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Chargers secondary forming strong bond off the field

Says Addae: "We really have a love for each other."

There is a quote by Aesop that reads, "In union, there is strength."

 That's the philosophy of the Chargers' secondary this season.

The group of defensive backs, led by safeties Jahleel Addae and Dwight Lowery and cornerbacks Jason Verrett and Brandon Flowers, have bonded as much off the field as on this year -- and they say that camaraderie will make for a successful season.

"It's not about just coming out here between the white lines of the game," Addae said.  "We really have a love for each other. We've done off-season trips, we've had dinners, we do casual hangouts, we even have our own group chat [on our phones]. It's a different feeling. It's a different feeling, and you can see it on the field."

After last season ended, the group took a trip to Las Vegas. During OTAs and minicamp, they would get together regularly to grab dinner or watch the NBA playoffs.

"There's just that camaraderie," said cornerback Craig Mager, now in his second NFL season. "We definitely have a brotherhood going along in the DB room, which is really good.

"When you come out on the field and know that you're with people you treat like your brothers, you want to give it your all out there for them. You don't want to let them down. "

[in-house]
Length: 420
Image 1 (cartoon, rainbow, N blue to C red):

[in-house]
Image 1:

Addae, Mager and Verrett were part of a defense last season that gave up 5,791 yards (20th in the NFL) and intercepted 11 total passes, tied for 21st in the league. This season, they are joined, among others, by Lowery and cornerback Casey Hayward, who was part of a Green Bay secondary that included veterans Morgan Burnett and Ha Ha Clinton-Dix as well as Pro Bowl corner Sam Shields.

"We definitely had [chemistry] in Green Bay," Hayward said. "That's why we were able to be a good secondary. I think we have that here. Since I've been here, it's been feeling like home. Those guys welcomed me in right away. We definitely hang with each other. We're building that camaraderie. We need that, especially to bond on the field. We all have to have that trust in each other.

"If you feel like you can trust someone, that you can lean on them -- especially if you can trust them outside the field -- then when you get on the field it will be so much easier. It becomes so natural, so organic, that you can just go out there and make plays and fly around and be happy for each other when we do. No matter who's making the play, you celebrate with each other. And that's the sign of a veteran team, a smart team, an aggressive team."

Hayward, who signed with the Chargers in the offseason, sees promise in his new teammates.

"We have some really good players from top to bottom," he said. "It kind of reminds me of Green Bay. We were loaded a couple years when I was in Green Bay and I feel like we have some of the same situations here. We have three, four veteran guys that have played a lot of ball, and I feel like that does a lot of justice, when you have that kind of depth and experience. I think it helps."

It helps. So does the camaraderie and brotherhood.

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